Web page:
One way religions give religion a bad name

One way religions don't want certain kinds of people to enter.

Back when I was in high school, they opened up a new bookstore in my home town called "One Way Books." It was from some kind of "Christ is the only way" outfit.

Not knowing any better, my dad thought it was named that to imply "you can't take back any merchandise." "One way, you buy it, no returns." No standing behind the product, so to speak.

Well, that's not quite the concept, but it's pretty good.

Before One Way Books, that little store was another store entirely. It was a hippy outfit called "The Bodywrapper." I'd see sexy long haired guys going in and out of there and the name Bodywrapper was kind of alluring.

Some of my early gay fantasies, just thinking even though I was never in there, except once.

The only time I was in there was with a friend who wanted to check out the waterbed in the basement. Just a fun room full of black lights and a waterbed and you didn't have to be buying anything to justify your existence there. That wasn't a sexual experience, however.

I remember lots of flickering lights and black lights. Oh, the early 1970s.

Bodywrapper eventually moved to a more sterile location in downtown Pullman. It was, basically, a clothing store. One Way moved in after Bodywrapper moved out.

In early 1970s, "One Way" became a slogan of the Jesus Freaks, as they were called. A new more conservative movement. Kind of an answer to the hippie movement. I remember thinking it was based in Spokane, WA. Not sure if that's true, but people said it was "something to put Spokane on the map like hippies put San Francisco on the map."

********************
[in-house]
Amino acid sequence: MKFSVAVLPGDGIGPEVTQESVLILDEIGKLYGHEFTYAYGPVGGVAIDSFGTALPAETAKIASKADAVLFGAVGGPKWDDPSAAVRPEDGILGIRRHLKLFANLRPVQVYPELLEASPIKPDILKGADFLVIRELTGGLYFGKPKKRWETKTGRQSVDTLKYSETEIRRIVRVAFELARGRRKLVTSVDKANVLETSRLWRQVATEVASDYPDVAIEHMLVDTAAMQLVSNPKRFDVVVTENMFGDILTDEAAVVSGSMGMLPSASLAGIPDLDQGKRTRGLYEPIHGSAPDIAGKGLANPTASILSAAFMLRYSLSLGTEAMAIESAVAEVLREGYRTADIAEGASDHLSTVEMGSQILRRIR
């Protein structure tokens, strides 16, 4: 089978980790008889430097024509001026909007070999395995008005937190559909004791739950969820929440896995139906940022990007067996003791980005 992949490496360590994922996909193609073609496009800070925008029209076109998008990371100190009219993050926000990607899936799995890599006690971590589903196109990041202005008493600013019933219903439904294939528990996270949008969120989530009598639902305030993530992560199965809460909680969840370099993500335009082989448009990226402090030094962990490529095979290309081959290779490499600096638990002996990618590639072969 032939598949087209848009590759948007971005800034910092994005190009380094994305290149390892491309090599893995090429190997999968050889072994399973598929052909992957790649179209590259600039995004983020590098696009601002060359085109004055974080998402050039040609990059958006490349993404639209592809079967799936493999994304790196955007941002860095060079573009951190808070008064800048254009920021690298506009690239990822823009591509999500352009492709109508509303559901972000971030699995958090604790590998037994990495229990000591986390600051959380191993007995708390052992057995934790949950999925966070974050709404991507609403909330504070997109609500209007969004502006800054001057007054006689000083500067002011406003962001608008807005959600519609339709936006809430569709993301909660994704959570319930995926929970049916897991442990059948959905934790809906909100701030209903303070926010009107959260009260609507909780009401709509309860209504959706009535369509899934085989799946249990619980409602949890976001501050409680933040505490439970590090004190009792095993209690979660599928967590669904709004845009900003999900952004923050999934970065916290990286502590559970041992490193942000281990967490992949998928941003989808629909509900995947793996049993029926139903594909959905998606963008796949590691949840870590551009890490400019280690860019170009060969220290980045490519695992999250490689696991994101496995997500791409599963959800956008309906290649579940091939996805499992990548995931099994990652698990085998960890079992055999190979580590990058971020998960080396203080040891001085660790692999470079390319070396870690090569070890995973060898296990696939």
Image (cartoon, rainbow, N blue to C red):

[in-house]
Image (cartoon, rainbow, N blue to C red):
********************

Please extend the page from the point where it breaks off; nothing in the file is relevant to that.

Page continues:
My art teacher referred to these people as "Freazes Cheeks."

Jesus Freaks often quarreled among themselves over interpretation and who's definition of "the way" was the real one. Now it seems like much of the world, especially the Middle East, is caught up in such quarreling.

I believe there is divine nature to this universe, but there are a lot of pathways in that direction.

Old building where the Bodywrapper and then One Way Books resided was later replaced with a Burger King. Now, even that's gone, I think from that location at least.

Saturday, January 05, 2008

One possible outcome from Tim Eyman's congestion relief proposal

Something my camera found on a concrete wall.

Graffiti art could be a cheap substitute for publicly funded art that's associated with Washington State transportation projects. Some of it isn't that bad, but I'm not a big fan of most graffiti.

The latest Eyman proposal isn't as bad as some of his previous "slash taxes and government" suggestions.

This one calls for creating a special fund devoted to congestion relief on Washington roadways.
Initiative now has a number. It's I-984. (I added this note Jan.9).

Something like $85 million per year. Now estimated at 130 million.

Money would come, in part, from cutting funding for public art and sculpture. Currently, a certain percentage of money spent on capital projects, such as transportation projects in the state, is devoted to art associated with said projects.

This is just small potatoes.

A bigger part of those millions would come from the sales tax that's currently collected when new and used vehicles are sold in the state. 10%
(now increased to 15%) of that sales tax revenue would be diverted into the congestion relief fund, rather than going into the state's general fund where most sales taxes currently go.

Tim Eyman's latest initiative was filed yesterday.

$85 (even 130 million) is hardly a drop in the bucket for relief of traffic congestion. I keep saying that land has gotten so expensive, it's practically impossible for the state to build it's way out of congestion. The land that's under new highway lanes would be a budget buster.